London bridge (part eight)

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Blackfriars Bridge (part two)
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Mylne's original design was highly ornate, with bas-reliefs and statues of naval heroes, but these were dropped to keep the cost down. The bridge that was actually built was more restrained, but still very classical, and was much influenced by the work of Mylne's Italian teacher, Piranesi. It was built of Portland stone, which is a beautiful material, but rather soft, and parts of the structure, especially the cutwaters, can be seen in William Marlow's painting of around 1790 to have been damaged by ice of passing barges. The bridge had nine arches, the piers being decorated with pairs of Ionic columns, above which were elegant refuges for pedestrians. The total cost of the bridge, including the approaches, was 230 000 pounds. On the northern bank, this had included covering over the Fleet Ditch, which had become an open sewer by this time (the Fleet river still empties into the Thames via an outflow pipe visible today at low tide). Mylne had designed wide approaches on both sides of the river, including, on the south side, Surrey Street (now Blackfriars Road), which terminates at St George's Circus, where the obelisk designed by Mylne, which shows distances to various London landmarks, can still be seen.

Blackfriars Bridge (part two)

A highly ornate design by Mylne for his new bridge, which was not carried out.

The tolls, a halfpenny for pedestrians on weekdays, and a penny on Sundays, brought in a healthy income, but they were very unpopular with the public. During the Gordon Riots in 1780, the tollhouse was burnt down and the account books were destroyed. Although the original intention was for the tolls to be collected until the bridge was paid for, the weekday toll was discontinued in 1785, though the Sunday toll continued until 1811. From reports in The Times, it would appear that the rate of suicides and attempted suicides from the bridge increased substantially after it was freed from toll, thogh never reaching the levels at Waterloo Bridge.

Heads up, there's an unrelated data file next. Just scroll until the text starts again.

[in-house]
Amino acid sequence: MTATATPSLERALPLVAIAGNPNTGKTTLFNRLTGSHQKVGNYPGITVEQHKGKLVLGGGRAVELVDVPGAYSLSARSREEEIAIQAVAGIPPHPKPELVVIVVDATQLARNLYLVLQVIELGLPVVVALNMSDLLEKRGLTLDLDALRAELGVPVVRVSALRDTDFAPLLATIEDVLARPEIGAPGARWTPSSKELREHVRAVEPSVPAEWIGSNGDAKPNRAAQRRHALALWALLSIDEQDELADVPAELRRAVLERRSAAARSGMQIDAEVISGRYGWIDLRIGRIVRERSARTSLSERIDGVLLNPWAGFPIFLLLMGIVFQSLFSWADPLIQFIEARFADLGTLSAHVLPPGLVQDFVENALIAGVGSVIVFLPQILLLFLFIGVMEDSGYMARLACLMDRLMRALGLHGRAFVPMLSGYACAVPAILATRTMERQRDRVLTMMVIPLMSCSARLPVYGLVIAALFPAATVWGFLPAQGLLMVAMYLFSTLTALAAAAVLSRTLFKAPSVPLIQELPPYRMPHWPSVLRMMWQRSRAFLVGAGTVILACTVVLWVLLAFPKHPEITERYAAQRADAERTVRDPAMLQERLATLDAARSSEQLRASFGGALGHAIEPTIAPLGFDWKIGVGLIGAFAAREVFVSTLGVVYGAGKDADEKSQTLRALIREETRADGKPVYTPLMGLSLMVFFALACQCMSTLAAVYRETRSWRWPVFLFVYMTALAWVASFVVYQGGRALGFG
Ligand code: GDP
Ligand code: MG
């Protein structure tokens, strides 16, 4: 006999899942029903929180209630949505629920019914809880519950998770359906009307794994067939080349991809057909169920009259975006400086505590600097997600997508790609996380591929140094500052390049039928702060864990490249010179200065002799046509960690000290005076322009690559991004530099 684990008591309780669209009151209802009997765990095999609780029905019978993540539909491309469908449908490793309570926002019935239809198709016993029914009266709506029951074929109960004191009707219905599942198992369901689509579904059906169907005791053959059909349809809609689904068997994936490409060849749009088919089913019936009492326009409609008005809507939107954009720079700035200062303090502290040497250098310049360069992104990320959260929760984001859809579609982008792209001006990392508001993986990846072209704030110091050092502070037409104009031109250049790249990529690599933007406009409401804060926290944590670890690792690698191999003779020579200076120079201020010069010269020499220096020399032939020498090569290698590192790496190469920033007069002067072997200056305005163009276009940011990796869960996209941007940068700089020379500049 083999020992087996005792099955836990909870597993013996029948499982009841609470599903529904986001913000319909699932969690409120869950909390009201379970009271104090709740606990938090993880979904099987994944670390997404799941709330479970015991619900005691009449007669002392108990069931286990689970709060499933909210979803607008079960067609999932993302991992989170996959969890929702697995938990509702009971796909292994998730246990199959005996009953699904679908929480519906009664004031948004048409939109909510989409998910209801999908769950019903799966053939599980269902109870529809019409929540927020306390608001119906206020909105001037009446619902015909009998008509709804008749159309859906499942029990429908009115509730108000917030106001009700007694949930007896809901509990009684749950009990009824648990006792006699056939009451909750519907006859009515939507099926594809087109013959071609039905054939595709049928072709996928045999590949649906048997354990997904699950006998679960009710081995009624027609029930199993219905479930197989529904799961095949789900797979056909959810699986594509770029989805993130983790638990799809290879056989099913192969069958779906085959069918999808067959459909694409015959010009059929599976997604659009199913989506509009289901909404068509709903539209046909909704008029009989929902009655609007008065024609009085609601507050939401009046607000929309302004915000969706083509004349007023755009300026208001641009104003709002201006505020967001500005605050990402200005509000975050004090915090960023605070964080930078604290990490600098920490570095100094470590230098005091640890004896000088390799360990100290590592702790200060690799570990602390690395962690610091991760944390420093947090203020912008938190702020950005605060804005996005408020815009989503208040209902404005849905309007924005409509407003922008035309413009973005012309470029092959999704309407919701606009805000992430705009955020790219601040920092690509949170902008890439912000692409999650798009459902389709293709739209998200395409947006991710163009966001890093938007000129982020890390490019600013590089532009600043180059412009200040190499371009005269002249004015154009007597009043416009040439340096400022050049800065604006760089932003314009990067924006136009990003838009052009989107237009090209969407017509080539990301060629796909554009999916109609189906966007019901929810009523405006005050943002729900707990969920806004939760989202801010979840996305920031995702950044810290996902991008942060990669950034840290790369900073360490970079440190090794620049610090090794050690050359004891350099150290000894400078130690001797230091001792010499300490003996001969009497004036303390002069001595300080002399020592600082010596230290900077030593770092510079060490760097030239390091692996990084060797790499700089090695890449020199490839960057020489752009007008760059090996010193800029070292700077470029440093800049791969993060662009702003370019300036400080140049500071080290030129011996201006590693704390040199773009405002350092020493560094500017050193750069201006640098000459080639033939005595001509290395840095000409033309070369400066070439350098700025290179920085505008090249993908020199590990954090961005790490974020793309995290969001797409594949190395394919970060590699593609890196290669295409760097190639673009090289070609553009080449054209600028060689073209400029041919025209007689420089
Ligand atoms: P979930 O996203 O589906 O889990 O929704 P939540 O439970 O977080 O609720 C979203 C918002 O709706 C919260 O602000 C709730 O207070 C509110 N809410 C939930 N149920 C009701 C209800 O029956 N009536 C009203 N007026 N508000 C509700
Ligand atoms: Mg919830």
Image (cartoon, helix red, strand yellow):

Sadly, Mylne's bridge was to last for less than a hundred years, as the Portland stone was quickly eroded by the river and the pollution from the Fleet river, while the score of the tidal Thames undermined the foundations. The increased flow of the river was caused by the changes to London Bridge, which no longer held back the power of the Thames. In 1971 The Times carried “a very curious letter from Blackfriars Bridge to her Repairing Committee”, in which the bridge complains that “Your inattention to your duty has exposed me to the derision of every waterman... Indeed I am quite ashamed of my nakedness from top to bottom, in such a tattered condition is my clothing”. Repairs were carried out in1793, when the damaged masonry was replaced by Aberdeen granite, a much harder stone, and one which was to be much used in building later bridges.

There had also been many complaints about the state of the roadway, which was always full of potholes, causing many accidents. In 1824 the road surface was macadamised, using a new invention consisting of small pieces of granite bound with gravel, offering better drainage. This method, invented by John Loudon McAdam, had already been used successfully on Westminster Bridge, and he supervised the work himself. At the same time the steep gradients were levelled and the bridge approaches raised. Although the new road surface had its critics, traffic over the bridge increased, and business on the two adjacent bridges at Southwark and Waterloo, both still charging tolls, suffered as a result.

Despite these improvements, the bridge continued to deteriorate, and in 1832 a thorough survey was carried out by James Walker, the engineer who built Vauxhall Bridge. His report confirmed that extensive repairs were required and, under his supervision, work began in 1835. This included refacing much of the stonework with granite and strengthening the piers. The original columns were also replaced by granite ones, and the open balustrade was replaced by a plane parapet. The work took six years to carry out, as only one river pier could be repaired at a time so as to keep the river clear for navigation.

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